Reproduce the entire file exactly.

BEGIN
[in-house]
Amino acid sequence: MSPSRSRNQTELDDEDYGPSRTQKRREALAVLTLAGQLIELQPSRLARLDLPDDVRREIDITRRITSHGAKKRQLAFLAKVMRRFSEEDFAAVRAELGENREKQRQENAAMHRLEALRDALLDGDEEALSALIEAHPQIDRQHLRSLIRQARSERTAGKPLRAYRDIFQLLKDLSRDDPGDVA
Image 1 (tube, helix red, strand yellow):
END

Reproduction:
[in-house]
Amino acid sequence: MSPSRSRNQTELDDEDYGPSRTQKRREALAVLTLAGQLIELQPSRLARLDLPDDVRREIDITRRITSHGAKKRQLAFLAKVMRRFSEEDFAAVRAELGENREKQRQENAAMHRLEALRDALLDGDEEALSALIEAHPQIDRQHLRSLIRQARSERTAGKPLRAYRDIFQLLKDLSRDDPGDVA
Image 1 (tube, helix red, strand yellow):